Heavens it’s parky, winter is well and truly here – who said you can’t keep warm and look stylish? With that in mind I’ve put together a small selection of my favourite vintage winter knitting patterns. No-one could accuse me of being a sporty type and I prefer the apres to the ski, so there are some cosy jumpers from the ’40s, ’50s and ’60s which I can see looking very chic in that little cabin in Gstaad someone’s bound to invite me to one day (I can wait).
My favourites are the ribbed La Laine Lady’s Sweater complete with frolicking reindeer and the cheeky Reveille Snow Girls designs. The Viyella Skating Outfit’s pretty spectacular too, although I’d have to knit myself some kind of complementary fair isle rear padding – I’ve only sported skates the once and still bear the scars.
Looks like we’re in for a cold few months, so wander over to the Vintage Winter Knitwear section and help yourself to some winter style, vintage style.
Robson & Mason's basket of needles
Browsing through the wonderful Made in England site on a recommendation from Mr W (being geeky and admiring the animated icon) and came across a link to a great haberdashery site I’d forgotten about – Robson & Mason. Great site, easy to use, lovely trimmings missus.
Check out the vintage basket needles & threader.
The last Craft magazine
So goodbye then, Craft magazine, I shall miss you plopping onto my doormat every quarter. True you’ll continue through articles in the associate magazine Made, but Made always seems to focus on the mechanical, time-consuming and ‘need a bit of know-how’ projects. Your great website Craftzine will continue, but it’s not the same as having a good old flick and dog-earing the pages of an interesting article while you’re in the bath (something about laptops and water …)
I’m not quite sure why we can’t do a good old modern craft magazine in this country – they’re either of the Woman’s Own knitting variety or bordering on the high-brow like the Craft Council’s Crafts magazine (which, incidentally, is very good but does articles about the high-end crafts exhibition community rather than making you feel a part of an exciting at-home movement which is doing it for themselves). I’ve always felt there’s still a snobbery about craft in this country which hasn’t caught up with the current wave – it’s perceived either as strange warty women smelling of cat wee and crocheting tasteless tat, or cutting edge new-wave Hoxton dwellers incorporating a bit of ironic craft into their highly priced art pieces.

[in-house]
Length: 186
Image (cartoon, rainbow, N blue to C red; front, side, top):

Anyway, I digress as ever. My point was originally going to be something about web vs. print – I remember when I first started out as a web designer and my graphic design friends were so snotty about it as the virtual web couldn’t convey the sensory experience, the texture, colour and depth (or even smell) of an actual piece. I felt dashed about it at the time and thought they were being snobs, but I find myself agreeing now … although all things webwise have levelled out and it certainly holds an important place in our lives, you can’t do without a good old piece of print. Your world can’t exist in a 1024 x 768 pixel format, nothing beats the joy of discovering an old craft book in a second-hand shop and smelling that damp paper smell and gloating over the vintage fonts and adverts, or discovering a well crafted, well thought-out publication.
So it’s sad, you’ll be missed here at least, but at least you went out on a bang – Amy Sedaris’ piece was hysterical. Oh well, still got Selvedge to look forward to.
Okay I was wrong … craftivism is alive and well in the UK too, in the form of the GlittyKnittyKitty girls! Their credo is “We, the Knitted Terrorists, are committed to knittivism through the systematic and systemic use of knitted accessories, short rows and felt.”
They’ve also made me feel better (well, a bit anyway) about my crap handmade gifts … “by making, giving and receiving hand made things, you can say No to mass production. You can embrace individualism, and you can create something imbued with love.” Cheers comrades, I’ll send you some handmade soap!
I knew there was a connection between web & craft! The New York Times recently published an article called ‘Handmade 2.0′ about the new-wave DIY culture, taking the snobbery and commerciality out of design and putting it back into the hands of individual crafters. They start by quoting the statement of intent from buyhandmade.org website, saying that it echoes “the idealistic language of a tree-hugger activist group” but then goes onto say that its most prominent member is the virtual craft fair Etsy – a very much for-profit organisation.